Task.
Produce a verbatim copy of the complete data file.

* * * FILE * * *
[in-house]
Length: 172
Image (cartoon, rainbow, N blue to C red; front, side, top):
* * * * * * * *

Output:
[in-house]
Length: 172
Image (cartoon, rainbow, N blue to C red; front, side, top):